When it comes to economic growth, manufacturing is a driving force that is often underappreciated.
According to the South Dakota Governor’s Office of Economic Development, manufacturing jobs make up ten percent of the state’s workforce, and manufactured output accounts for more than nine percent of the state’s GDP.
With a goal of growing and promoting the state’s manufacturing industry, South Dakota Manufacturing & Technology Solutions (SDMTS) was established in 2010, as a Manufacturing Extension Partnership (MEP) center.
MEP is a national network focused on assisting small to medium-sized manufacturing companies. Each state has its own affiliate staffed with experienced business advisors and a variety of resources to drive success for manufacturers at all stages of growth.
SDMTS’ main office is located in Sioux Falls, at the Zeal Center for Entrepreneurship, with satellite locations in Rapid City and Aberdeen.
Services and Resources
Keith Deibert, SDMTS’ interim director, emphasizes the variety of services offered by the office and its advisors.
“We offer a very broad range of assistance for these companies,” he said.
Resources and advising are available on an array of topics including innovation, lean, quality, leadership, finance, workforce development, operations, supply chain, sales and marketing, and technology.
Explore these services further here.
Startups are welcome and encouraged to reach out to SDMTS, but much of the basic early-stage assistance, like developing a business plan, is often referred to its partner organization, the Small Business Development Center (SBDC). Deibert stresses SDMTS’ primary mission of continuous improvement for current manufacturers.
For example, a key focus area for SDMTS is assisting manufacturers with the adoption of new technologies.
According to Deibert, current technologies are much more affordable and user-friendly than they were in the past, and they can offer a powerful impact. However, many companies find the concept intimidating.
“I look at it more as a supplement for the workforce,” he said. “It’s not trying to replace people. It’s there to amplify them.”
For example, one of the greatest challenges facing South Dakota’s manufacturing industry today is workforce availability. SDMTS’ services and assistance aim to leverage the current workforce, all while promoting its development and expansion.
Most of SDMTS’ services are paid, but Deibert says they are willing to work with clients to find a feasible solution based on the size of their business. Additionally, every potential client receives a free consultation and assessment.
Events and Programs
Beyond advising and counseling services, SDMTS hosts different educational discussions and socials, as often as twice per month. The largest of these events is the South Dakota Manufacturers’ Day Summit.
The summit is an annual event held at a different tech school each year. However, 2019 will be the first year that SDMTS hosts two separate events—one on September 10 at Western Dakota Technical Institute in Rapid City and another on September 12 at Lake Area Technical Institute in Watertown.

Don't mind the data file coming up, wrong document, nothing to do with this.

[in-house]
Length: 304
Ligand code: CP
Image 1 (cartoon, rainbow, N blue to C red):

Mike Hoseus, lean expert and co-author of “Toyota Culture,” will be speaking at both events, and manufacturers will also have the opportunity to reserve one-on-one sessions with him on a first-come, first-served basis.
Another unique SDMTS event is an annual trip to Kentucky to visit world-class manufacturing facilities such as Toyota and Woodford Reserve. Dubbed the Lean Study Mission Trip, attendees have the opportunity to observe excellent operational systems in action and discuss methods of implementation for their own companies.
The 2019 trip will take place from October 21-24, and costs $2,200.00, plus airfare and lodging. Interested parties can register here.
In addition to networking and educational events for current manufacturers, promoting the industry to upcoming generations is also a top priority.
SDMTS hosts an annual “What’s So Cool About Manufacturing?” video competition for sixth, seventh, and eighth graders, to get kids engaged with different manufacturing careers and companies.
Students plan, shoot, and edit two-minute video clips to market different South Dakota manufacturers. The clips are posted online at Dream It. Do It., where people can vote for a winner.
“The goal is to get more students educated about manufacturing careers in a fun and interesting way,” said Deibert. “People don’t understand the benefits and earning power of these careers.”
The contest is free and available statewide, with all necessary video equipment and planning resources supplied by SDMTS. Interested teachers can learn more about the program or get involved by contacting Sara Byre, SDMTS’ marketing specialist.
If your manufacturing business is ready to take the next steps toward growth or expansion, or if you’re seeking assistance in implementing new technologies or systems, it may be time to reach out to SDMTS.
For those still in the earlier stages, Deibert stresses the importance of analyzing and planning beyond the initial idea.
“We see people with lots of passion around a product, but not enough knowledge on running a business,” he said. “Go beyond your idea before you invest your heart and soul in it. Ask questions sooner rather than later, whether to us or the SBDC.”